Various student government groups around the state are working very hard to promote the idea that there is some sort of a student uprising against embattled Chancellor Hamid Shirvani. Frankly, I’ve been a little skeptical.
Most of these student governments are a bit of a joke. Very few students actually vote to elect those serving in the governments, and for good reason. They’re usually little more than rubber stamps for the university administrations. I’d like to see the results from a name recognition survey for members of the student governments on some of these campuses. Because I’m willing to bet that few of the rank-and-file students have even heard of these people.
So, right off the bat, I’m not sure these student groups have any sort of a real mandate to speak on behalf of the students. But still, the various student governments along with the North Dakota Student Association have been getting a lot of headlines with their “no confidence” votes. The latest is the student senate at the University of North Dakota.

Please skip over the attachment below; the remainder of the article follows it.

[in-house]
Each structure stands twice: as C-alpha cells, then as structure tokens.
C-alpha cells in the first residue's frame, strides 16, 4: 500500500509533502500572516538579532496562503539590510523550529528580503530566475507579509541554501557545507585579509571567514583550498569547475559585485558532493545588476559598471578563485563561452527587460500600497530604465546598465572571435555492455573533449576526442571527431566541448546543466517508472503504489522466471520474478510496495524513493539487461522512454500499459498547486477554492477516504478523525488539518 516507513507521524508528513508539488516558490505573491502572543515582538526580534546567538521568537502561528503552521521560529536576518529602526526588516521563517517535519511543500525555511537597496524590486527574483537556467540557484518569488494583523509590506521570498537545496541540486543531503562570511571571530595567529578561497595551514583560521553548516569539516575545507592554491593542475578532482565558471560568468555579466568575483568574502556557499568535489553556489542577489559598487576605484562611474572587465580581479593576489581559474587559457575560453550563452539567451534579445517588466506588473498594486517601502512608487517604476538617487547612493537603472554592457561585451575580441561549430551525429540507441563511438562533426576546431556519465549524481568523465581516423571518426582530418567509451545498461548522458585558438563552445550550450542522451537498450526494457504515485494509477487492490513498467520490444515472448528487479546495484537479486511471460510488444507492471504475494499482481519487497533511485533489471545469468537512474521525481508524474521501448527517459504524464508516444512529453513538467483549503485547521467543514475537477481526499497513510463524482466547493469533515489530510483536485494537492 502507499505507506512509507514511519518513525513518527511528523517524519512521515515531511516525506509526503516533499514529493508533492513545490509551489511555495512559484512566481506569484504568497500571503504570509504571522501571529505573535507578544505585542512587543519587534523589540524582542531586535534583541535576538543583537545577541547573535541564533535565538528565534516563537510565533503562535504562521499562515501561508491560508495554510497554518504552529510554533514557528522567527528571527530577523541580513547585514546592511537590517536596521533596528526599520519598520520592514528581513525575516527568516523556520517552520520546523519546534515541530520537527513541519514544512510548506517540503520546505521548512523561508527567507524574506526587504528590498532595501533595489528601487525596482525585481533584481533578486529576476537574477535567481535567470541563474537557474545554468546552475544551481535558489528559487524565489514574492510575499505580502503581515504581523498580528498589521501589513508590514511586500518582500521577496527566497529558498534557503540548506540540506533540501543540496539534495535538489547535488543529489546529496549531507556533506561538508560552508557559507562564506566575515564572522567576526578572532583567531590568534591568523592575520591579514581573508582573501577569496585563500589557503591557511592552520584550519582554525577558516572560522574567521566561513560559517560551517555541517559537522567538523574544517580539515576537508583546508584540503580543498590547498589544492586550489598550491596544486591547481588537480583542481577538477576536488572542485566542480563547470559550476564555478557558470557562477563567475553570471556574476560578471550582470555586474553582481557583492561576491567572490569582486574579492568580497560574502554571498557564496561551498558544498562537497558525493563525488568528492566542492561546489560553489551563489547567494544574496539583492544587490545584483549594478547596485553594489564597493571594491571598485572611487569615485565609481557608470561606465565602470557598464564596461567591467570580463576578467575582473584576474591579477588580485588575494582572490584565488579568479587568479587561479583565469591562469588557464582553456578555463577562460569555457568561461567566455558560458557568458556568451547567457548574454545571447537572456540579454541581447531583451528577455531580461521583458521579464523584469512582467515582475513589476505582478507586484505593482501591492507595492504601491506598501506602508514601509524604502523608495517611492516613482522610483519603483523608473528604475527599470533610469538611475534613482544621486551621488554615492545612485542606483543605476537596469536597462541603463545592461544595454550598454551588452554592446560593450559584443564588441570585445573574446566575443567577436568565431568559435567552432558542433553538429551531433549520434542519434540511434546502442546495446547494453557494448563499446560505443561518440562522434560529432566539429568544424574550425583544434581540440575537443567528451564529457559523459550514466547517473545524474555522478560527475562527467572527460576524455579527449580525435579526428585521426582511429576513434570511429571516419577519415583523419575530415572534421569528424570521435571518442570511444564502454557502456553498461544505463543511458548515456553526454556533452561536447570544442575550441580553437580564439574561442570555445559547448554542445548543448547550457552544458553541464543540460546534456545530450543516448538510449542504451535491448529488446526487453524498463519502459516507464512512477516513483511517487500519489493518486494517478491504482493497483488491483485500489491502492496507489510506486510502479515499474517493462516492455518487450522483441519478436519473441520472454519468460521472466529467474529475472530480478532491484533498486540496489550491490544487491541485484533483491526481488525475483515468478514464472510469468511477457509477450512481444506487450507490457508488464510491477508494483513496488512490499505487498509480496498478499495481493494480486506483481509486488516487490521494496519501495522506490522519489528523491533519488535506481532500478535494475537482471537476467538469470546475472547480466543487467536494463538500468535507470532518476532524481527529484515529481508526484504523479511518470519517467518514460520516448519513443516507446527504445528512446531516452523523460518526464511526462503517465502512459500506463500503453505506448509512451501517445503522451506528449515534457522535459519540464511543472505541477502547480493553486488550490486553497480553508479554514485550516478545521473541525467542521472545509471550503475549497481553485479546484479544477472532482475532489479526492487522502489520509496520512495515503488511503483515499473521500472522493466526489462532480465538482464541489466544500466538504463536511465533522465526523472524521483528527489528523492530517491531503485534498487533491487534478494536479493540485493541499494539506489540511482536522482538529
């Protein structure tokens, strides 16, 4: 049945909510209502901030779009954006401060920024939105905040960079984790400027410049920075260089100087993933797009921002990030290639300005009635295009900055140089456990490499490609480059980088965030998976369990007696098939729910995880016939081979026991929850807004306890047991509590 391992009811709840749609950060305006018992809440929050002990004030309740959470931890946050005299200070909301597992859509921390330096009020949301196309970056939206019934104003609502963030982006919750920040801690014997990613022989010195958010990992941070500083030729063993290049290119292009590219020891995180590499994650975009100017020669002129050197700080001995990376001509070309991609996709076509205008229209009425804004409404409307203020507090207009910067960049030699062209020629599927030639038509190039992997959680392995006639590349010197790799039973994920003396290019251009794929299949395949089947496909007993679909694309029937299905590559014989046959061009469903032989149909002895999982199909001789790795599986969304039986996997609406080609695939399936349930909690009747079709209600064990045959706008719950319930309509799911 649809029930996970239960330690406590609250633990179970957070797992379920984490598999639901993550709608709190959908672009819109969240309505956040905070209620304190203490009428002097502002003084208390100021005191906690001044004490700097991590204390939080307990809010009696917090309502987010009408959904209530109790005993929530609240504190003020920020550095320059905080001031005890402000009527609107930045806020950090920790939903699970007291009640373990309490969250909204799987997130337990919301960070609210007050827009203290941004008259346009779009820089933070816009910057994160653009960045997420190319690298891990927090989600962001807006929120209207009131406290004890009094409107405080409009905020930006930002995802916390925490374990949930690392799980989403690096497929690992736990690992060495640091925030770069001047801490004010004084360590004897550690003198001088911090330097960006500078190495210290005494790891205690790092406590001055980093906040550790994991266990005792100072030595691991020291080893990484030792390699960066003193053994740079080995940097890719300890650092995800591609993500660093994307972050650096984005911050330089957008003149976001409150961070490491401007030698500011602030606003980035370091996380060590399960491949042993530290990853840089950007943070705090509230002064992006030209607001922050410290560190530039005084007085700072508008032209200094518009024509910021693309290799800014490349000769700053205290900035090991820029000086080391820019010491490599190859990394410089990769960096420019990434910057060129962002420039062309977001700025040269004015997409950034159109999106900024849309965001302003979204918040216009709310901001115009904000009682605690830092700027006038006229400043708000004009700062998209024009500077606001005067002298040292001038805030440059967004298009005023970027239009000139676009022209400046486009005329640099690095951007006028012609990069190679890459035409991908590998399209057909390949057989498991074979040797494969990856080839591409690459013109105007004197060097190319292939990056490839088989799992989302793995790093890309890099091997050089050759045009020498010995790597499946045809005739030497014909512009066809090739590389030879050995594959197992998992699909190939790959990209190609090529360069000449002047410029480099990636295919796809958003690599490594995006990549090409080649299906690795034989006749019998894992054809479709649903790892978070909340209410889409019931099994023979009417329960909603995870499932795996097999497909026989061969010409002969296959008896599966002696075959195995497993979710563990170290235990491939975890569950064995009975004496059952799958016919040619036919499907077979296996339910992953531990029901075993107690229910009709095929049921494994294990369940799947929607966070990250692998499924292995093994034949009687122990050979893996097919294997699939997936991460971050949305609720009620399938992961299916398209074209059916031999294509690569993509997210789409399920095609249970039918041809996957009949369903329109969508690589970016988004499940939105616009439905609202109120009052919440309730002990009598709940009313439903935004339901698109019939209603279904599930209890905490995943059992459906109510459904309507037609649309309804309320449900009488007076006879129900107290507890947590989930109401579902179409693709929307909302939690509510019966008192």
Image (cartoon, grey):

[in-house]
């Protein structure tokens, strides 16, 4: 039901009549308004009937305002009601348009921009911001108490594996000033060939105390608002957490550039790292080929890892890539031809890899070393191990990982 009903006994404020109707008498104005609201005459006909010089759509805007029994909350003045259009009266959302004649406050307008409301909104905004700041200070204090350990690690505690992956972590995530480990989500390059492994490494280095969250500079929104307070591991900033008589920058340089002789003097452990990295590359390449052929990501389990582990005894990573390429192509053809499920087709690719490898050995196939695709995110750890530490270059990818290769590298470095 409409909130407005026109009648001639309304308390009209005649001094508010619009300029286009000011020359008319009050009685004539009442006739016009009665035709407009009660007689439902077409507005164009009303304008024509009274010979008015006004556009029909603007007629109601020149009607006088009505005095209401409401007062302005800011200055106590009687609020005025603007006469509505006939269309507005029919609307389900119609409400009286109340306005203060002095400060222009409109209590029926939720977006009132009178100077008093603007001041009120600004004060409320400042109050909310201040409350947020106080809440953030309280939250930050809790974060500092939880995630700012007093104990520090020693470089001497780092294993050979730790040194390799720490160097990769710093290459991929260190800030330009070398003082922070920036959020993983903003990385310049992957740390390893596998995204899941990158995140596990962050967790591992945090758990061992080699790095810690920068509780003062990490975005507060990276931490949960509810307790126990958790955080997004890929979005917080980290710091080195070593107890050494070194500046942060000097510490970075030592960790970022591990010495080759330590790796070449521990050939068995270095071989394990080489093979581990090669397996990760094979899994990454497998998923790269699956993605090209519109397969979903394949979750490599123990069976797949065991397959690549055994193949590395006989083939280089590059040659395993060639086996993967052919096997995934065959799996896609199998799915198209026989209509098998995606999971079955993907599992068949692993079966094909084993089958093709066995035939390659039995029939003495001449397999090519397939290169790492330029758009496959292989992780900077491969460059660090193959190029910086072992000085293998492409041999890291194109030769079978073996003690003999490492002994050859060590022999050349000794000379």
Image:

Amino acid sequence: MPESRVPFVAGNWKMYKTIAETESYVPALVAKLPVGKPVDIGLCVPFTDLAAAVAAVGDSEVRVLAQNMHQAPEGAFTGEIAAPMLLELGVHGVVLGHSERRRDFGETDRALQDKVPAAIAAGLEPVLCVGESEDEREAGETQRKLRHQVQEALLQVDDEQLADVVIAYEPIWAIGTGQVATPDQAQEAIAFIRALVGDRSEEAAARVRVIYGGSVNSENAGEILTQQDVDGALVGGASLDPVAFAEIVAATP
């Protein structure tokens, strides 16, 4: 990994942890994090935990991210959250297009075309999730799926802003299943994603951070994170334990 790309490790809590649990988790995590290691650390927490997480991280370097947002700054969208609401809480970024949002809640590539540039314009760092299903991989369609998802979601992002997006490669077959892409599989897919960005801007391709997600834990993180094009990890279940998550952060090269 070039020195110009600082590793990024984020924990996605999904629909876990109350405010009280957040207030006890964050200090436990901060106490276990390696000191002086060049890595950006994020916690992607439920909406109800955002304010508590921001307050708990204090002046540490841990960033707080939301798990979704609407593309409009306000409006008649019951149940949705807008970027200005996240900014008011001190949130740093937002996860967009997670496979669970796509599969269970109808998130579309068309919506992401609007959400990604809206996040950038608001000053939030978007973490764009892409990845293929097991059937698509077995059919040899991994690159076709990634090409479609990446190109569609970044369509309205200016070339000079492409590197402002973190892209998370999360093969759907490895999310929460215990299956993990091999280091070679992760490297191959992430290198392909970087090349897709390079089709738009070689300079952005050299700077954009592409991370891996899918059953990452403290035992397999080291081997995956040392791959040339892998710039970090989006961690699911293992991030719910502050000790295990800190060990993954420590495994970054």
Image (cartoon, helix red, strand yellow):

But I did some digging over the weekend, and came up with the minutes for the minutes for the NDSA meeting on February 22nd, 2013, at which the statewide organization held their vote of no confidence. According those minutes, which you can read in full below, NDSA lobbyist (yes, they have their own lobbyist) Johan Mahlum said “if we find substantial evidence and he is removed and we support it, we will look better and we will gain political benefit.”
The emphasis there is mine, and the sentiment should raise some eyebrows. It would be interesting to hear, from Mr. Mahlum, just what “political benefit” the NDSA hopes to curry with this vote. And from whom that benefit is to be received.
Reading the minutes, it becomes clear that Mr. Mahlum and SBHE student representative Sydney Hull were pushing the NDSA pretty hard for this vote. Which smacks of top-down orchestration, not some sort of a bottom-up, grassroots upheaval against Shirvani.
Which, of course, is very different from how these student votes are being portrayed in the media.
NDSA Minutes by